Erin O’Toole says he’ll meet with representatives from trucker convoy

OTTAWA — Conservative Leader Erin O’Toole said Thursday he’ll meet with truckers who are making their way toward Ottawa to protest vaccination mandates — but not at their planned demonstration this weekend on Parliament Hill.

The convoy passed through the GTA on Thursday en route to the nation’s capital, where the truckers plan to protest new requirements to be vaccinated against COVID-19 for cross-border travel.

At a news conference Thursday evening, O’Toole accused Prime Minister Justin Trudeau of stoking their anger, saying the government’s failure to adequately plan for the current wave of the pandemic has fuelled divisions and inflamed a national debate over vaccination mandates.

“This convoy is really about Mr. Trudeau and the fact that people are tired,” O’Toole said.

“There’s a fatigue in this country, there’s division and there’s millions of people who feel they’re no longer being heard.”

The protest was sparked by new requirements in Canada and the U.S. that truckers must be fully vaccinated to avoid quarantines when they cross the border.

The Canadian Trucking Alliance, which has denounced the convoy protest, says more than 85 per cent of the 120,000 Canadian truck drivers who regularly travel across the Canada-U. S. border are vaccinated, but that as many as 16,000 may be sidelined due to the new restriction.

Several industry and business groups have been lobbying against the new rules, including the country’s largest association of small- and medium-sized businesses, the Canadian Federation of Independent Business.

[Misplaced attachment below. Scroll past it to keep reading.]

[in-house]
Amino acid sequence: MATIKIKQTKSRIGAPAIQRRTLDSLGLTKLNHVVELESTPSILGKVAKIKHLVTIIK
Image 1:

They argue the vaccination requirements will make existing issues in Canada’s supply chain even worse.

The Conservatives had taken up the truckers’ cause, but that position has come under scrutiny in recent days as some groups aligning themselves with the convoy have been identified as also being connected to extremist ideologies.

One online video includes a man expressing hope the rally will turn into the Canadian equivalent of the Jan. 6, 2021, riot at the U.S. Capitol by supporters of former president Donald Trump.

MPs were warned Thursday that their offices and homes in the national capital could become the targets of protesters in the coming days.

A memo from the head of security for the House of Commons warned that requests are circulating online for the home addresses of members of Parliament, and said they should exercise additional caution if they are in town.

“As a reminder, any individual or group of individuals who do not hinder vehicular traffic or trespass on your property have the right to demonstrate,” the memo said.

“However, should the situation escalate, the police will take action.”

O’Toole said he’s seeking meetings with representatives of the trucking groups, and a safe place to talk with them so they know people are listening to their concerns, but he also condemned groups trying to hijack their cause.

“People that are frustrated, that are working Canadians, that just want to be heard, I will make sure we always are there to listen,” he said.

“People that are advancing horrific agendas, I will make sure I call out that conduct and try and rally the better angels of the nature of Canadians at a time that our country’s divided.”

With files from Alex Ballingall


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